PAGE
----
The dissent and disgust of the newspaper’s self-signed ‘Aboriginal youths’ become clear, however, on closer reading. On 17th November 1837, for example, Brune seems to praise the commandant:

so kind to you he gives you everything that you want…he brought you out of the bush because…he knowed the white men was shooting you and now he has brought you to Flinders Island where you get everything and when you are ill tell the Doctor immediately and you get relief.[5]

But the final paragraph belies this account of Flinders Island as a safe haven for Aboriginal people:

The brig Tamar arrived this morning…Let us hope it will [bring] good news and that something may be done for us poor people they are dying away the Bible says some of all shall be saved but I am much afraid none of us will be live by and by as then as nothing but sickness among us. Why don’t the black fellows pray to the king to get us away from this place.[6]

Brune becomes even franker about the conditions on Flinders Island in later issues of the Chronicle. On 7th December 1873, he wrote that ‘I got rite to you the same things over and over again. Commandant has directed me to work and if I don’t attend to it I must be put in to jail’.[7] Robinson ended the Chronicle’s run shortly after this issue.

The Flinders Island Chronicle falsifies the observations nineteenth-century evolutionists made about the intelligence (and the humanity) of Indigenous Australians. It also provides a salutary point of reference for the colonial Australian fiction which emerged in dialogue with this scientific racism. Turner’s Seven Little Australians erases Australia’s Indigenous peoples, and thereby erases the atrocities of the British colonial project there. Gunn’s The Little Black Princess attempts to idealise a British colonial encounter with an Indigenous child, but is only partially successful. The Flinders Island Chronicle emblematises the difference between Turner’s version of British Australia and Gunn’s: its content and eventual fate indicate that it is easier to establish British colonial supremacy by eradicating Indigenous Australian voices than by attempting to control them.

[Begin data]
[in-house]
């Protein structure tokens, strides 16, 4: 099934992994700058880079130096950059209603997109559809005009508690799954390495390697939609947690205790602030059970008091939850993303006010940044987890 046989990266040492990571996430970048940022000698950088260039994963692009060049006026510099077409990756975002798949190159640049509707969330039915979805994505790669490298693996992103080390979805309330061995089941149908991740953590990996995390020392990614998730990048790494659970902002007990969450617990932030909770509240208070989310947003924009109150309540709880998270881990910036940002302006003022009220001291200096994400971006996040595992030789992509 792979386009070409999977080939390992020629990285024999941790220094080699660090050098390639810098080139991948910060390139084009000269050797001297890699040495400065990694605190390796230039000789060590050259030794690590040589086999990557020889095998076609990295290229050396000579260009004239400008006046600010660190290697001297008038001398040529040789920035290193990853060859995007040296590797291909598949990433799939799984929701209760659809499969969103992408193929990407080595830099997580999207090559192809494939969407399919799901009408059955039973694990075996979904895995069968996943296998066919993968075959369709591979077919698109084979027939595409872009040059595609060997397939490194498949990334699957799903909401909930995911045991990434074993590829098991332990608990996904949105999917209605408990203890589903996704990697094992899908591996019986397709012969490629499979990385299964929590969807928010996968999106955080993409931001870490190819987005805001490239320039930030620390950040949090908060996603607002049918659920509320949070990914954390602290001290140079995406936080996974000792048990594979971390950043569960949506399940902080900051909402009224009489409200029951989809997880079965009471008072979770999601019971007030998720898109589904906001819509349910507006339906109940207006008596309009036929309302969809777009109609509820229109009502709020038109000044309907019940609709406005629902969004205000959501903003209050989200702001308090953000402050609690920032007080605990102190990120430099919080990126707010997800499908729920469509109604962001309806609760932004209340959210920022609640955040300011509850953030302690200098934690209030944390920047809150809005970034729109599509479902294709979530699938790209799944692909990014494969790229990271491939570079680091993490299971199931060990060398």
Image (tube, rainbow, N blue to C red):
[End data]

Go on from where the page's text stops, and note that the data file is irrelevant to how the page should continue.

Ultimately, the Chronicle suggests that one way of addressing racism in children’s literature might be to attend to those voices which such literature ignores or misrepresents; to read an era’s most popular and most literary fiction in dialogue with its neglected, obscured, or undervalued texts. To do so would be to recognise the humanity of the authors of these abandoned texts, and might thus help to contradict the dehumanising effect of racism itself.

Roisín Laing completed her PhD at Durham University and is a Visiting Research Fellow at the University of Sydney.

Lead Image: Message stick, Kimberley Aboriginal peoples, collected from north-west Western Australia by Sir Frederick Napier Broome in 1884, 25.4 x 2.3 x 0.5 cm. British Museum Oc,+.2424.


[1] Jeannie Guun, The Little Black Princess: A True Tale of Life in the Never-Never (London: De la More Press, 1905), p. 1.

[2] Gunn, p. 1.

[3] Ethel Turner, Seven Little Australians (London: Ward, Lock and Co., 1912), p. 9-10.

[4] Charles Darwin, The Voyage of the Beagle (London; Wordsworth Classics) p. 641.

[5] Thomas Brune, The Flinders Island Chronicle, 17th November 1837, in For the Record: 160 Years of Aboriginal Print Journalism, ed. Michael Rose (St. Leonards: Allen and Unwin, 1996), p. 17.

[6] Brune, p. 17.

[7] Brune, The Flinders Island Chronicle, 7th December 1837, p. 18.